“Pluralization of Religions, Cultures, and Research Methods in an Era of Globalization” — SSSR Annual Meeting, October 2015

 In Call for Papers, Uncategorized


Society for the Scientific Study of Religion


2015 Annual Meeting October 23-25, 2015

Newport Beach Marriott Hotel and Spa, Newport Beach, California

Pluralization of Religions, Cultures, and Research Methods in an Era of Globalization

Globalization, the increasingly rapid and extensive processes of movements of people, capital, and culture, is reshaping religion and society. Religious and cultural pluralization confronts individuals, groups, and states with new challenges to maintain boundaries and preserve unity. To address changing contexts, researchers of religion are adopting a variety of new research methods.

The theme of the 2015 SSSR conference focuses on these phenomena of pluralization and globalization and welcomes scholars to address contexts in which many “sacred canopies” are now plausible, state control of religion is less feasible, and the transnational ties of religious groups have thickened and extended. In addition, new sources of data have pushed scholars to use new research methods employing spatial techniques, “big data,” or mixed methods.

Proposals for panels and papers on any topic in the scientific study of religion are welcome. However, we especially invite proposals that address the pluralization of religion and culture in a period of globalization. Suggested topics include studies of

• the impact of globalization and pluralization on religious
practices or institutions in North America, Europe, the Mideast, Asia, Latin America, and Africa;

• the impact of local cultural groups or institutions on global
religious practices;

• how the state addresses the increasing number of imported and
newly-forming religions;

• how states, groups, and individuals have dealt with the rise of
new religious practices due to immigration and transnationalism; and

• topics that make use of new types of data and research methods.

All session and paper proposals must be submitted via the on-line submission system of the SSSR’s web site, www.sssrweb.org, which opens February 2, 2015. A session proposal requires: 1) session proposer’s full contact information; 2) a session title; and 3) an abstract of not more than 150 words describing the goal of the session and how the session will contribute to the scientific knowledge of religion.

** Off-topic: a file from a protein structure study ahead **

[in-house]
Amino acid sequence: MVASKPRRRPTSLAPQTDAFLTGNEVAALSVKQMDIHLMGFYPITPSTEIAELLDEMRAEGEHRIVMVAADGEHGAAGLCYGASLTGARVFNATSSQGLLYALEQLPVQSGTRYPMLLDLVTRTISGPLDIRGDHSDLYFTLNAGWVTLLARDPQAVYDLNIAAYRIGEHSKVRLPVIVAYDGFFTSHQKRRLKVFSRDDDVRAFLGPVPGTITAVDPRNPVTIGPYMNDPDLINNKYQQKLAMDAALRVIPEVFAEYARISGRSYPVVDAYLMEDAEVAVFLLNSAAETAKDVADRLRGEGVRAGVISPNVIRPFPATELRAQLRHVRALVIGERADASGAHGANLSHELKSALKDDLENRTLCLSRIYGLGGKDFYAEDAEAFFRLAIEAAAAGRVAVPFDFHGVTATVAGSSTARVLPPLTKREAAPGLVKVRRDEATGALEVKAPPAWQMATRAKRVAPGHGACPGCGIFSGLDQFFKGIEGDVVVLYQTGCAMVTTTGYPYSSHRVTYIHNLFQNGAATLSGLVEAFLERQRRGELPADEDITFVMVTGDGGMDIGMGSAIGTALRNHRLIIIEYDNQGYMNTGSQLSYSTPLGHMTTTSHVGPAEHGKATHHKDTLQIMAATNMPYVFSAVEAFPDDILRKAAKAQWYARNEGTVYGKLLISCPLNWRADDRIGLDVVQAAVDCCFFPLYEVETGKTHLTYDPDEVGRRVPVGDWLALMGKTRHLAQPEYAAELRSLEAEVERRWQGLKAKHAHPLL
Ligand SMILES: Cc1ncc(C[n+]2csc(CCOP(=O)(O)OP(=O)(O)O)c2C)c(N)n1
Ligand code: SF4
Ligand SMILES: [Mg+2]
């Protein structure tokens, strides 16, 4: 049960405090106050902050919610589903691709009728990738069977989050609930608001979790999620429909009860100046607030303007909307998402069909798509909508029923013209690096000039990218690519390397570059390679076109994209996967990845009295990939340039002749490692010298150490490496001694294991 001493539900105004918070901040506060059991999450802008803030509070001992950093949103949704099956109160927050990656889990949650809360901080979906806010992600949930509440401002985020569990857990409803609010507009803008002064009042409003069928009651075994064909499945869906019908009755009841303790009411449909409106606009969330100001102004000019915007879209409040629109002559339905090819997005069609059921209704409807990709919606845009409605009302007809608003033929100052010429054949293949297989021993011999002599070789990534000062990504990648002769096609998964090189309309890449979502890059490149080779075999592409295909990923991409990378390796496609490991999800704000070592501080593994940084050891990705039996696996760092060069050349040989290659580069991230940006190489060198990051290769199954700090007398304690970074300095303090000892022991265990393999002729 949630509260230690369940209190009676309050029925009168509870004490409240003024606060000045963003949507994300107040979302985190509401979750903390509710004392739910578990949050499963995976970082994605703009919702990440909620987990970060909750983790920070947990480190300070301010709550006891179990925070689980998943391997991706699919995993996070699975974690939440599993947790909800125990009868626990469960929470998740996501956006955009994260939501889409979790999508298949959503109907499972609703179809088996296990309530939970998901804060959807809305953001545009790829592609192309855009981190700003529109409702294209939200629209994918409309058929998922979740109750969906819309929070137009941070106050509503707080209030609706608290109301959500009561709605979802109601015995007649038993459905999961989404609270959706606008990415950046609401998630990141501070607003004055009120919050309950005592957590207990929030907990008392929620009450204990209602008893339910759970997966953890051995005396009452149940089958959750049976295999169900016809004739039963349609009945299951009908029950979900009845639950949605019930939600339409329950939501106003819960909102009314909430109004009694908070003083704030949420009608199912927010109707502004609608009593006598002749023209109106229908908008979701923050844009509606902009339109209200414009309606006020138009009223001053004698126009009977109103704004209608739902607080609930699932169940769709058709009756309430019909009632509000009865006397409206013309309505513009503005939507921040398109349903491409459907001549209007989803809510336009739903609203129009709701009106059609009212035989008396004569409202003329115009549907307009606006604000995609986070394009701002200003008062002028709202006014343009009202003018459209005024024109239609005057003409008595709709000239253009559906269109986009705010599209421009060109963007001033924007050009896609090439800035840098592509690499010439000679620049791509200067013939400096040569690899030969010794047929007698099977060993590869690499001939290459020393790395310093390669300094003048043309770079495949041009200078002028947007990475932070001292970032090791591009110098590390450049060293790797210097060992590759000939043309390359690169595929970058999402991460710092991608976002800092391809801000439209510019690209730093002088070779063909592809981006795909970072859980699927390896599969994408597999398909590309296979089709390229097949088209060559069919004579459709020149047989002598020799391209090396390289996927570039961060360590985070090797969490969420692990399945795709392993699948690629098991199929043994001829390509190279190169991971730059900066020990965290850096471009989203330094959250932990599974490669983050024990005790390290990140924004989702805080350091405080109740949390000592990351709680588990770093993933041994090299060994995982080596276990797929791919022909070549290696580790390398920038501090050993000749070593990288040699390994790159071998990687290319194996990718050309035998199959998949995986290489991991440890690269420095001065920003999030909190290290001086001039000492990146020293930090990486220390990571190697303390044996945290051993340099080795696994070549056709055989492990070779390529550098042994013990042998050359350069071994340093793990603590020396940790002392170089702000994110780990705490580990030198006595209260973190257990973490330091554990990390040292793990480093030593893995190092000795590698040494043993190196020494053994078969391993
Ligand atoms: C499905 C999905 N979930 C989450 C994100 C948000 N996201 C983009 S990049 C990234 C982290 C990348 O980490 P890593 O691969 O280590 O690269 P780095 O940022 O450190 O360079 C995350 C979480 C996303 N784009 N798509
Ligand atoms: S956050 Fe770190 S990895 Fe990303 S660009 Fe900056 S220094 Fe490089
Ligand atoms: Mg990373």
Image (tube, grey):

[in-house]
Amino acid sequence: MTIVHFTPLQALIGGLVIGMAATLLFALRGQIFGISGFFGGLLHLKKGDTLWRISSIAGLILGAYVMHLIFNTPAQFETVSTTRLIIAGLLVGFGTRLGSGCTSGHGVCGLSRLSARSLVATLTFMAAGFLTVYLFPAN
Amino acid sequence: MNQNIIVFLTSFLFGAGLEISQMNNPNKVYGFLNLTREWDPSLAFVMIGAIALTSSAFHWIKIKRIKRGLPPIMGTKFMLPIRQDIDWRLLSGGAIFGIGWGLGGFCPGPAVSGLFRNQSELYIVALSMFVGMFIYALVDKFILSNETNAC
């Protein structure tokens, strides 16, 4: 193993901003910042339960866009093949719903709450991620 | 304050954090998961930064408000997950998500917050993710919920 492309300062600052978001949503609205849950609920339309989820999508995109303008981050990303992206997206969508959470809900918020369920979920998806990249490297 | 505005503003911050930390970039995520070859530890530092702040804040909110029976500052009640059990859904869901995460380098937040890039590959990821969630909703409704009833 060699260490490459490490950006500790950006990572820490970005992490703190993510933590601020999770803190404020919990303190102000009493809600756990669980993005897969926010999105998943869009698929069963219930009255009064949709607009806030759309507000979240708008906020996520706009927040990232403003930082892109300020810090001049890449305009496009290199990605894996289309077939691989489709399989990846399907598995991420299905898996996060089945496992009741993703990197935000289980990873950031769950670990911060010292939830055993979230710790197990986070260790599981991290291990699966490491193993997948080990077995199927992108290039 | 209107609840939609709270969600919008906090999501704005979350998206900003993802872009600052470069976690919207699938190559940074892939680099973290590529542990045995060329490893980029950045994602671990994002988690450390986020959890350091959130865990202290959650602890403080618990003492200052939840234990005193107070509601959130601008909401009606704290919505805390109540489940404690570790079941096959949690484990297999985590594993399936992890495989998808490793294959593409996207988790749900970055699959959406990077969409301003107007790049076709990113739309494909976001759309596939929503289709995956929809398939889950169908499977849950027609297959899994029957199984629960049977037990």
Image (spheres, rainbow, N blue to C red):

Individual paper proposals require the name(s) of the author(s), first author’s full contact information, an abstract of not more than 150 words that succinctly describes the question(s) motivating the research, the data and methods used, and what the paper expects to contribute to the knowledge or understanding of religion.

Newport Beach, California offers the largest recreational harbor on the west coast, with miles of aquatic sports activities, as well as stunning natural parks and coves. The city is also notable for the origin of the 1960s Jesus People Movement and because it was Newport Beach’s St. James Church that generated publicity for joining an African branch of the Anglican Church when the Episcopal Church ordained its first openly gay bishop.

Submissions Open: February 2, 2015 (see http://www.sssrweb.org)

Submissions Close: March 31, 2015

Decision Notification: April 30, 2015

Please direct questions to: Carsten Vala, Program Chair (cvala@loyola.edu)

Giuseppe Giordan, co-chair for Europe (giuseppe.giordan@unipd.it)

Sung Gun Kim, co-chair for East Asia (sg97kim@gmail.com)

Rachel Rinaldo, co-chair for Islam (rar8y@virginia.edu)

Sinisa Zrinscak, co-chair for Eastern Europe (sinisa.zrinscak@gmail.com)

Gustavo Morello, co-chair for Latin America (morellog@bc.edu)

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